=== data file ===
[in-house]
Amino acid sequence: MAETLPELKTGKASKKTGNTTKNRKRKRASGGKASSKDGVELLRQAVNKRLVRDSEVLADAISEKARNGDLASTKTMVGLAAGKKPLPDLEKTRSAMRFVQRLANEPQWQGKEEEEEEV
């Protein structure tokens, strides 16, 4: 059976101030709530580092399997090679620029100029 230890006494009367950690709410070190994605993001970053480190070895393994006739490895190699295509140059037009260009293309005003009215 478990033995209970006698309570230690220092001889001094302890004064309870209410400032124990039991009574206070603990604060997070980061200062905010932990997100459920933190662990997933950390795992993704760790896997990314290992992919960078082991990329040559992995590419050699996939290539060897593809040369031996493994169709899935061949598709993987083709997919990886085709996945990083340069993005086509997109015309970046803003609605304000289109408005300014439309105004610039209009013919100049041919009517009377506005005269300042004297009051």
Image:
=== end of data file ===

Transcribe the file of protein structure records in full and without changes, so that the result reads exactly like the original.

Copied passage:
[in-house]
Amino acid sequence: MAETLPELKTGKASKKTGNTTKNRKRKRASGGKASSKDGVELLRQAVNKRLVRDSEVLADAISEKARNGDLASTKTMVGLAAGKKPLPDLEKTRSAMRFVQRLANEPQWQGKEEEEEEV
């Protein structure tokens, strides 16, 4: 059976101030709530580092399997090679620029100029 230890006494009367950690709410070190994605993001970053480190070895393994006739490895190699295509140059037009260009293309005003009215 478990033995209970006698309570230690220092001889001094302890004064309870209410400032124990039991009574206070603990604060997070980061200062905010932990997100459920933190662990997933950390795992993704760790896997990314290992992919960078082991990329040559992995590419050699996939290539060897593809040369031996493994169709899935061949598709993987083709997919990886085709996945990083340069993005086509997109015309970046803003609605304000289109408005300014439309105004610039209009013919100049041919009517009377506005005269300042004297009051």
Image: